Government and opposition political parties are engaged in a blame game over delays in enforcing the Political Parties Act enacted to ban handouts and demand disclosure of sources of party financing.
In an interview yesterday, Malawi Congress Party (MCP) secretary general Eisenhower Mkaka accused Minister of Justice and Constitutional Affairs Samuel Tembenu of using the parties as a scapegoat for not appointing a date of commencement for the law.
“The parties have been involved from the start. This was a political parties-driven legislation through CMD [Centre for Multiparty Democracy]. We know what is contained in the Act and the minister cannot say he is waiting for us. Perhaps, now they [Democratic Progressive Party-DPP] realise this law will harm them more than the opposition,” he said.
While MCP itself did not disclose sources of funding for its recent convention, Mkaka said the party had nothing to hide and was ready to declare once the Act comes into force.
On its part, United Democratic Front (UDF), whose convention budget is K75 million, also said it was committed to see the law operational. The party’s convention is scheduled for August 1 and 2.
“There is evidence to show that we are already implementing the demands of the Act such as disclosing party membership and registering them. We have already started sensitising our members that handouts will be history and we are only giving money after rallies as transport refunds. So, the commitment is there,” said UDF publicity secretary Ken Ndanga in a separate interview yesterday.
He also said UDF has since opened a special membership bank account where people are being asked to renew their membership with the party.
Tembenu, whose ministry is tasked with assigning a date of commencement of the provisions in the new Act, yesterday confirmed that it was now up to him to do so after CMD played its part.
Since President Peter Mutharika assented to the law in March this year, CMD has held several consultative meetings with political parties on what is contained in the bill.
What remains is for the Minister of Justice to authorise the regulations to support the legislation such as forms for political party registration and penalties for infringement of provisions.
In an interview yesterday, Tembenu said chances were high that the Act would come into force ahead of the 2019 Tripartite Elections campaign period.
He laughed off assertions that perhaps DPP was not comfortable with the provisions of the bill such as disclosure of sources of party funding.
Said Tembenu: “This was a political parties-driven bill. So, I have to consult them at every step. However, consultation does not mean we will have to agree on certain things, its meant to inform them of steps they have to take so that the law becomes operational.”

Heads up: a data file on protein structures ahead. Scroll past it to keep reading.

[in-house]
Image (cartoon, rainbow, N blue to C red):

On their part, CMD said political parties were ready and aware of the requirements of the new law and any confusion has since been ironed out.
CMD executive director Kizito Tenthani said the law provides that the current Registrar General would act as Registrar of Political Parties until one is appointed but the Registrar was not aware of this.
Another provision that can only become effective after the minister signs an appointing date is the ban on handouts.
Questions have arisen on whether party financing is being checked after the governing DPP and opposition MCP obtained donations for their recent conventions, but did not disclose the sources.
Recently, Malawi Electoral Commission (MEC) has pegged the nomination fees for parliamentary candidates at K500 000 for males and K250 000 for female. Presidential candidates, on the other hand, will pay a K2 million nomination fees.
The newly-launched United Transformation Movement (UTM) led by Vice-President Saulos Chilima says it will field contestants in all the 193 constituencies and pay nomination fees for those without the means to do so.
The Political Parties Act compels political parties to disclose to the Registrar of Political Parties sources of their funding and donations of K1 million and above from individuals and those above K2 million from companies.
After the law comes into force, political parties would be given 12 months to re-register, complying with the requirements to collect 100 signatures per district, declare their assets and disclose source of party financing.
Recently, a leaked dossier from the Anti-Corruption Bureau also showed that the DPP was a beneficiary of K145 million from a private company, Pioneer Investments Limited, that is suspected to have fraudulently obtained K2.8 billion from the government through a food rations deal with the Malawi Police Service. President Peter Mutharika is the sole signatory of the DPP’s Standard Bank account where the money was deposited.